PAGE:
Jane Van Ryan
Posted October 19, 2009
As we've explained in this blog, there's no doubt that the Waxman-Markey climate bill would be very expensive for American consumers. According to studies, it could increase fuel costs, kill millions of jobs and increase the amount of refined fuels imported from overseas. An issue we have not yet discussed is that there is another provision that could result in a massive transfer of wealth from the United States to other countries.
The provision allows for international offsets, which means companies that are having difficulty meeting their U.S. greenhouse gas (GHG) emission allowance obligations can pay to reduce emissions elsewhere in the world by purchasing international offsets. On the surface, this might appear to be a reasonable--and altruistic--way to recognize that climate change is a global issue. But in actuality, it is an extremely costly experiment that could fall on the backs of American consumers.
This issue came up during last Thursday's Senate Energy and Natural Resources Committee hearing when Sen. Maria Cantwell asked about the cost of the international offsets. She noted that the Environmental Protection Agency (EPA) calculated the Waxman-Markey bill could result in $1.4 trillion sent overseas. This figure was confirmed by Dr. Reid Harvey of EPA, who said without sending this money abroad, the cost of the Waxman-Markey bill in the United States would be 90 percent higher.
The Senate's Kerry-Boxer climate bill makes fewer international offsets available than does Waxman-Markey, thus reducing the amount of money sent overseas, but it also would raise the cost of the bill in the United States. Simply put, it is cheaper to pay for offsets in other countries than to buy domestic offsets or reduce emissions here, because it costs less to plant trees and fund other projects overseas that could be certified as reducing GHGs.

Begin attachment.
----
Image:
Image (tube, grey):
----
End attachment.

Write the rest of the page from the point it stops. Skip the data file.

This means Congress is facing a Solomon-like decision. As it deliberates over the House and Senate bills, it must determine whether it is better to send $1.4 trillion overseas, or expect American consumers to pay the higher price of domestic offsets or GHG reductions in the United States. Neither decision is likely to be acceptable to Americans who are going to pay more for virtually everything, including energy, under either of the climate bills.
Add to that fact the recent revelation that international offsets might not be very effective in removing GHGs from the air. As the Washington Post reported Oct. 15, the preservation of a forest in Bolivia is falling far short of its GHG reduction target.
The Congressional Research Service recently reported that the availability of international offsets is the greatest factor in reducing the overall cost of a cap-and-trade program. Clearly, however, their use comes with considerable risk.
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